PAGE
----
History of the Bathroom Part 4: The Perils of Prefabrication
In 1940, Buckminster Fuller receieved Patent 2220482 for a prefabricated bathroom. Fuller wrote in his claim:
Attempts have been made heretofore to provide prefabricated bathrooms with the object of lowering the cost of building a bathroom into a dwelling. Such bathrooms, however, by reason of their great weight and more or less conventional construction, have involved relatively high costs by the time they have been shipped and installed for use....It is an object of my invention to provide a compact, light prefabricated bathroom which may be readily installed either in a dwelling under construction or in a dwelling that is already built.
Fuller's design was very clever; it was designed to break up into slices so that it could be carried up a stairwell if need be. But Siegfried Gideon was not impressed:
As so often in the eagerness of full mechanization, the construction ran away with the constructor and the human problem became lost in the stamping....To the crew of a submarine or to men without a roof over their heads, a metal box in which one can barely turn around may come as a welcome solution.
To everyone else, perhaps a little more room would be nice. But the tiny, prefabricated bathroom remains a holy grail of designers, with patents still being pumped out regularly.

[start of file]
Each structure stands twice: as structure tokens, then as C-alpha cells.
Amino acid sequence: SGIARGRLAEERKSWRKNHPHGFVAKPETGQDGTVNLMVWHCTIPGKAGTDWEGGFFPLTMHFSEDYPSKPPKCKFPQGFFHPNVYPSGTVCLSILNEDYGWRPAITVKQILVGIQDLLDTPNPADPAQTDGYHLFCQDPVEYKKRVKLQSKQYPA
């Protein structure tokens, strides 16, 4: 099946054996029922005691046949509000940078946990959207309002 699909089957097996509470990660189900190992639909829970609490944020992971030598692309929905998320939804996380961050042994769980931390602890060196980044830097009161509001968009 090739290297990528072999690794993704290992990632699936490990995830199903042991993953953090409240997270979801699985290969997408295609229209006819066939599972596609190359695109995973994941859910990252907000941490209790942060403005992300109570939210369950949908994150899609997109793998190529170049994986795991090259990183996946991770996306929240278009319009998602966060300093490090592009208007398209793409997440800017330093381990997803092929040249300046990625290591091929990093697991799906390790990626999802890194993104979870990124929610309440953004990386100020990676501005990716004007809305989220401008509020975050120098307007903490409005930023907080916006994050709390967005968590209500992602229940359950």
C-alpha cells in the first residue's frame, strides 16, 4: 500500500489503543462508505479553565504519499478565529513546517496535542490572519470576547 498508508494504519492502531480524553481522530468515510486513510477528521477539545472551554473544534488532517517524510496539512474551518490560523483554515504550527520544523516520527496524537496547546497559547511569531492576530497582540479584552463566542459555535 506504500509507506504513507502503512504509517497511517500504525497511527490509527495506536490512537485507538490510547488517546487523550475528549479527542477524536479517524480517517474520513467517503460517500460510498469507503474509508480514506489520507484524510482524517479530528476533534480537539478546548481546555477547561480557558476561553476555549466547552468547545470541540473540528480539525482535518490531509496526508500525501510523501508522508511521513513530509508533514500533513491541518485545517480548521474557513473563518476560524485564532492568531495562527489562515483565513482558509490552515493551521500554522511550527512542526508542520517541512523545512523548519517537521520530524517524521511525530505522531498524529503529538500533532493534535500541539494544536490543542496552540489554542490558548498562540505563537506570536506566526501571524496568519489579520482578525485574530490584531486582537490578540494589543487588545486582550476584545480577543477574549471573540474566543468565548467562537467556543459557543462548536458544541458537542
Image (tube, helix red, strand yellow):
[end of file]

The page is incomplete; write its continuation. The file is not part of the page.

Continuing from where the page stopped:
Perhaps the most extreme example of trying to squeeze too much into too little space is David Fergusson's 1946 patent 2552546. He squeezes an entire bathroom into the area of a shower stall; the sink folds up to reveal the toilet, which somehow is also hinged so that it folds back into the wall when one wants to shower.
It really is a mechanical marvel. But it suffers from the same problem as Fuller's and other attempts to make bathrooms so small and efficient, that there is more to bathing than just using the toilet or the sink, and that people are not machines. Gideon wrote in 1948:
It is too late for us to be cheated by purely engineering solutions won at the expense of human comfort.
Bathrooms should be designed around people. But in fact, we get it seriously wrong in the design of each and every fixture; our bodies are designed to squat and we sit on toilets. Our showers aim water down when they should aim water up. Our sinks are too low and too dirty. Alexander Kira figured this all out 50 years ago, and nobody is listening.
Next: Alexander Kira and the right way to go to the bathroom.
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